Coast's best scoops 426 marks as Light Academy steals the show

Paramount Education Centre's staffs celebrate with Michael Mbaga who scored 401 marks in the year 2023 KCPE. [Kelvin Karani, Standard]

Khadija Yunis Ahmed from Light Academy in Mombasa is the top candidate at the Coast in this year’s Kenya Certificate of Primary Education (KCPE) examinations.

Khadija scored 426 marks, two marks shy of the best candidate in the country, Michael Warutere, from Riara Group of Schools Primary, Imara Daima in Nairobi.

“I want to join Sheikh Khalifa Secondary School in Mombasa. I attribute this to prayers, hard work, and advice from my parents and teachers to also focus on my goals,” said the 13-year-old Khadija. 

Light Academy topped the Coast region with a mean score of 89 per cent (400 marks), as per the result compiled. The last candidate of the class of 33 (boys 17 and girls 16) had 377 marks.

A total of 18 candidates scored above 400 marks in the school.

The candidates performed exemplary in maths, with the top scoring 90 per cent and the least 88 per cent.

The school’s primary section deputy Principal, Rehema Swaleh, said that hard work and dedication from teachers with a passion for learning and excelling the pupils endeared them to good results.

“It’s an improvement and an achievement this year with the 400 mean score up from last year’s 394 marks,’’ she said.  The school’s Principal, Mr Yerkin Kalzhanov, said students were motivated by the team of energetic teachers.

“The goal was for all the candidates to attain 400 pass mark, and here we are. We are happy with what we got,’’ said a jubilant Kalzhanov, adding that last year, all their best teachers were taken to Zanzibar for a holiday.

“We are going to reward our teachers again this time round for an excellent job well done,’’ he said.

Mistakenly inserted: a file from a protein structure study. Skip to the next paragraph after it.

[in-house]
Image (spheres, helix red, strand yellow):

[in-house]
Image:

Another girl, Kayla Mwende, 14, from Light Academy, scored 402 marks and said she was shocked with her performance as she anticipated scoring 390 marks.

“Am happy with the marks, although I wasn’t expecting and thank my teachers and parents. I am self-motivated. I was expecting 390 marks,” she said, adding that she wishes to become a surgeon.

At Light Academy’s main rival, Nyali Primary, a community school, nine candidates scored over 400 marks. By the time of going to press, the school was still compiling its results.

The top candidate at Nyali Primary was Shwan Jeremy, who scored 419 marks, followed by Mabel Kwamboka with 412 marks. Others were Fatma Alawi 410, Shawn Kimathi 409, Neema Duke 406, Peninah Atonga 405, Aston Nyongesa 404 and Leon Lemayan 402. At Mombasa’s Paramount Primary School, Asmah Hussein scored 406 marks, and Michael Mbaga had 401 marks.

In Kilifi, Bandacho Primary School in Magarini Sub County recorded impressive results with 13 out of the 89 candidates who sat for the KCPE scoring 400 marks and above, and no candidate had less than 300 marks.

The best candidate, Gilbert Chea, scored 411 marks, followed by Vincent Karisa with 409 marks. The school’s headteacher, Ms Constance Kanze, attributed the success to teamwork and dedication.

“We are happy as a school because, despite the many challenges, the students still have scored impressive results. We hope each candidate will join a good secondary school,” said Ms Kanze.

Safari Furaha, a special needs student at Kabeteni Primary School in Ganze, Kilifi County, defied the odds and scored 355.

Rose Nganga is carried by teachers at Coast Central Adventist School in Mombasa. She scored 400 marks in KCPE on November 23, 2023.[Omondi Onyango, Standared]

Most schools at the Coast had not received the results due to an online system hitch and the floods.

 In Tana River, teachers and parents said they could not access the schools to compile the results.

Mr Oscar Vutita, a teacher at Sisters of St Joseph Holy Angeles Primary School in Hola town, said they came early to the school in anticipating good results but experienced a delay.

“We expected parents also to come in large numbers, but they have not arrived due to the uncertainty caused by the jam,” he said, adding that the school had 32 KCPE candidates.

 Compiling the results was an agonizing exercise for schools by the time of going to press as most of them had not been able to tabulate their results from the national portal.

At the Ganjoni Primary School, a reputable public primary institution, a clerk who was present told The Standard that teachers had tried in vain to download the results.

“We hope we shall have results for you tomorrow (today). Everyone has gone home after they could not download the result,’’ the clerk said.

The story was the same at the St Augustine Primary School in Mvita constituency and Paramount Education Centre in Nyali. In Taita Taveta, Bahati Nahira from Bright Days Academy scored 415 marks.

(By Philip Mwakio, Marion Kithi, Joackim Bwana, Ishaq JUmbe, Renson Mnyamwezi and Nehemiah Okwemba)